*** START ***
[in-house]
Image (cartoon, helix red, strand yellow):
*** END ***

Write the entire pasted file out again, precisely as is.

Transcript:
[in-house]
Image (cartoon, helix red, strand yellow):